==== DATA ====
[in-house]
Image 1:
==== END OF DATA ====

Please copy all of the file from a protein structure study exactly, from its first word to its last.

[in-house]
Image 1: